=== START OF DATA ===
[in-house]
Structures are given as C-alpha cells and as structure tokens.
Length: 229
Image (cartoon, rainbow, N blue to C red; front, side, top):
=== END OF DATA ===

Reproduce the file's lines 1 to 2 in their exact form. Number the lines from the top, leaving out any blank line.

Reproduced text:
[in-house]
Structures are given as C-alpha cells and as structure tokens.